Malaysia may miss a goal to balance its budget by 2020 as a plunge in commodity prices forces the government to cut its projections, according to Prime Minister Najib Razak.
The budget shortfall may be "in the region" of 1 percent of gross domestic product at the end of the decade compared with a current deficit of 3.2 percent, the New Straits Times reported, citing Najib’s comments to fund managers and investors in New York. Malaysia remains committed to achieving a balanced budget by 2020, he was quoted as saying.
Policy makers have been struggling to boost confidence in the economy and government finances since oil prices started slumping late last year. The ringgit has dropped more than 20 percent versus the dollar this year, battered by a political scandal, the decline in crude prices and the prospect of higher U.S. interest rates that threaten growth.
The premier reiterated Malaysia won’t impose capital controls or peg the ringgit even as the currency depreciates to a 17-year low. It’s the worst performer against the greenback this year among major Asia Pacific currencies tracked by Bloomberg.
While Southeast Asia’s third-largest economy has run a fiscal deficit since 1998, the gap as a percent of GDP has been narrowing. To boost state coffers, Najib scrapped a decades-old fuel subsidy policy in December and started a 6 percent goods and services tax in April. Still, Najib in January revised the deficit target for 2015 to 3.2 percent from 3 percent as his administration forecast less oil-related revenue.
The government raised pump prices in October, with analysts from Nomura Holdings Inc. calling it "somewhat of a surprise to us, but is nonetheless consistent with crude oil price movements over the past month."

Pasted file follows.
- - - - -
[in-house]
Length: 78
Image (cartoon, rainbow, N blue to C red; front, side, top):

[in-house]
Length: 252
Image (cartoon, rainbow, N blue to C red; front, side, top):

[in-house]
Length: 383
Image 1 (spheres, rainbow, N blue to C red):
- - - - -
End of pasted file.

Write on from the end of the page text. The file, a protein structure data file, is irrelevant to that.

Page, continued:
"This continues to show the government is sticking to its fiscal reforms, despite the political pressure, as well as the unpopularity of both the goods and services tax and the removal of fuel subsidies," Singapore-based analysts Euben Paracuelles and Brian Tan wrote in a note Thursday.
Foreign funds have dumped more than $3 billion of the nation’s shares this year as Najib grapples with allegations of financial irregularities at a state investment company, whose advisory board he chairs. He is also facing accusations of impropriety after it was disclosed that political donations ended up in his private accounts in 2013. The accounts have since been closed.
Investors in the U.S. shouldn’t be concerned with the political situation in Malaysia as there is "stability," Najib was cited by the New Straits Times as saying. 1Malaysia Development Bhd. will sort out its financial issues before year-end and is expected to further reduce its debt by 16 billion ringgit very soon, Najib said, without elaborating.